The overall cost of preparing for a penetration tester certification will vary depending on the candidate’s prior knowledge and experience. A candidate with minimum practical expertise and experience can choose a comprehensive course to help them prepare for the exam. In contrast, a seasoned candidate may only need to brush up using a few books or videos.
CEH: All exam applicants have a $100 non-refundable application fee. Once the application is approved, a candidate must buy an exam voucher from the EC-Council Online Store or an authorized training partner. EC-Council does not set a minimum exam voucher price for its authorized partners; however, a voucher costs $1,199.00 from the EC-Council Store.
GPEN: The cost to sit for the GIAC GPEN certification exam is $949. This price includes two practice tests. The recommended SANS SEC560 training course is $7,640.
LPT (Master): The training offered by EC-Council for LPT (Master) and Certified Penetration Testing Professional (CPENT) are the same. Whether the candidate ends up with the LPT (Master) or the CPENT is determined by their score on the exam. The live online training course is $3,499.
OSCP: The exam (labeled PWK) and its certification, the OSCP, are offered by OffSec as part of the PEN-200 training course. The PEN-200 self-guided Individual Course is $1,499. It includes 90-days of lab access and one exam attempt. The Learn One subscription is $2,499/year and provides lab access for one year and two exam attempts. A Learn Unlimited subscription costs $5,499/year and includes all OffSec Training Library courses and unlimited exam attempts.
PenTest+: The cost to sit for the PenTest+ exam is $381. CompTIA offers a PenTest+ exam eLearning Bundle for $949. This bundle includes an exam plus retake voucher and CertMaster Learn + Labs. Other bundles are also available.
Deep dive into penetration tester certification exams
CEH: The CEH exam is a 125-question multiple-choice exam. Candidates have four hours to complete the exam. Since all questions are multiple-choice, test-takers rarely run out of time during the exam. Many candidates report needing only two to three hours to complete this test.
GPEN: The GPEN certification exam is a web-based proctored 82-question test. Candidates have three hours to complete the exam, and a passing score is 75 percent.
LPT (Master): To earn the LPT (Master), candidates must score at least 90 percent on the 24-hour exam. EC-Council acknowledges that making that score is rare. Candidates must show they can deploy advanced pen testing techniques and tools, including multi-level pivoting, OS vulnerabilities exploits, SSH tunneling, host-based application exploits, privilege escalation, and web server and web application exploitation such as arbitrary local and remote file upload, SQL injection, and parameter manipulation. The certification test is timed and under the watchful eye of an online proctor.
As a consolation for those scoring above 70 percent but below the required 90 percent, EC-Council awards the less arduous CPENT.
OSCP: The OSCP test preparation PEN-200 course is unique because it combines traditional course materials with hands-on simulations in a virtual lab environment. The exam simulates a live network in a private VPN containing a small number of vulnerable machines. Candidates have 23 hours and 45 minutes to complete the exam. Once test takers have finished the exam, they have an additional 24 hours to upload the required documentation.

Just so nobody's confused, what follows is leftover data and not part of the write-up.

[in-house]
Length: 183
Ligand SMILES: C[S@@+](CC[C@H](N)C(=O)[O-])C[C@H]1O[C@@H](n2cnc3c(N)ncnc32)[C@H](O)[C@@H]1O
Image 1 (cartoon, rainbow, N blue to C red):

PenTest+: The CompTIA PenTest+ uses a maximum of 85 performance and knowledge based questions to certify the successful candidate has the knowledge and skills required to plan and scope a penetration testing engagement. Candidates have 165 minutes to complete the performance-based and multiple-choice questions. CompTIA awards the PenTest+ certification to candidates with a passing score of 750 on a scale of 100-900.
Penetration tester salary information
The security industry highly values penetration tester professional certifications, and jobs that require or prefer these certifications pay high salaries. A review of the top employment websites shows that wages for positions that often require these certs pay from $75,611 to $172,000.
Security Analyst: Glassdoor estimates total pay for a Security Analyst is $108,453 per year in the United States, with an average salary of $75,611 per year.
Computer Forensics Analyst: ZipRecruiter puts the average annual pay for a Computer Forensics Analyst in the United States is $111,406 a year, with some salaries as high as $172,500.
Security Specialist: Salary.com says the average Security Specialist salary in the United States is $59,452, but the range typically falls between $48,597 and $73,983.
Penetration Tester: According to the job site Indeed, the average salary for a penetration tester is $119,160 per year in the United States.
Security Engineer: Payscale sites the average security engineer salary at $96,327.
Security Code Auditor: ZipRecruiter sees the average annual pay for a Cyber Security Auditor in the United States as $77,800 yearly. The majority of cybersecurity auditors’ salaries range between $65,500 currently. They note some are as high as $117,500 and as low as $35,000.
Malware Analyst: Salary.com says the average Malware Analyst in the United States earns $93,875, but the salary range typically falls between $83,495 and $103,601.
Security Consultant: According to Indeed, the average salary for a security consultant is $77,124 per year in the United States.
The Bureau of Labor Statistics states that the job outlook for Information Security Analysts, a category that often includes penetration testers, is expected to grow 31 percent from 2019 to 2029. This anticipated increase is much faster than the average rate of job growth.
As the introductory paragraph indicates, this guide presents five options for pen tester credentials, not a comprehensive list. As with any professional certification, you should carefully research your choices before choosing which one is the best for you. Your skill level may define which programs you qualify for. There may be other criteria you may want to consider, such as recertification requirements, rigor, and the industry recognition of the credentialing organization.